Sculptor Professor Rachel Stevens has just arrived in Lviv, Ukraine where she will conducting research during her second experience as a Fulbright Scholar. The title of her research is the “Forest Grows in the Synagogue: Reimagining the Galician Landscape Through Sculpture”.
In western Ukraine few obvious features of Galicia’s Jewish culture remain, as the Holocaust effectively erased Jews from the region’s human geography. However, remnants of Jewish culture can still be seen in the Ukrainian landscape. Rachel Stevens’ Fulbright will focus on creating sculptures based on these sites and sharing them with Ukrainian and American audiences. Her proposal is an artistic embodiment of a Hebrew term, tikkun olam, often understood as a call to repair the world.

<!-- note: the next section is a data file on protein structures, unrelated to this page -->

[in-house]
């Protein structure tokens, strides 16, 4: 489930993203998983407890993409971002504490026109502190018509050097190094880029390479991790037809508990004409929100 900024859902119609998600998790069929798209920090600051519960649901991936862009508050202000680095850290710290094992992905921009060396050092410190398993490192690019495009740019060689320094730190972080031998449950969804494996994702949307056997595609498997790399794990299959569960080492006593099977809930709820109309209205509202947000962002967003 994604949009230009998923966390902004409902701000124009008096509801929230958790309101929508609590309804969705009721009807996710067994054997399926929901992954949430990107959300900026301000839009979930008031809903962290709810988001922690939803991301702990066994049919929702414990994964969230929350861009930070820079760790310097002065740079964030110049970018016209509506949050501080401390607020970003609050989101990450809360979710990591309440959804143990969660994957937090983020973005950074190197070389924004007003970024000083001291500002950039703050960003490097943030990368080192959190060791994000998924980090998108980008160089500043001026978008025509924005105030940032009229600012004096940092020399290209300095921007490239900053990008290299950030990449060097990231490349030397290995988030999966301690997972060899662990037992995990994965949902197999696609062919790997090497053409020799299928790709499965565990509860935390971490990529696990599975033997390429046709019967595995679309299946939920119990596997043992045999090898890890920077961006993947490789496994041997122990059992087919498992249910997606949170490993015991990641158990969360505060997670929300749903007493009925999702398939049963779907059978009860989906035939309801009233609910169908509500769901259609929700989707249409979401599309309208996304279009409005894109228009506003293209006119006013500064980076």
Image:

Stevens will locate and emotionally respond to the region’s rich, but visually cryptic, Jewish history. She will divide her time between fieldwork in the towns and countryside, and studio work in Lviv, where she will also collaborate with the Center of Urban History of East Central Europe and the Lviv National Academy of Arts. Through her research, she will begin a body of artwork that will serve as a secondary witness to the Holocaust. Through her interactions with the landscape, architecture, and community members, she will visually transcribe the vernacular fragments of Galicia’s rich Jewish history into new artworks.
This is Rachel’s 2nd Fulbright. In 2006 she was a Fulbright Scholar in Nepal. She served as a Fulbright Ambassador, 2009-2012, and was a member of the Fulbright Discipline Review Committee, 2007-2008.